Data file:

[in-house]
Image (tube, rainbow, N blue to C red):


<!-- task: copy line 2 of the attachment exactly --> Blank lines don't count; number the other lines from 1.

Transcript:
Image (tube, rainbow, N blue to C red):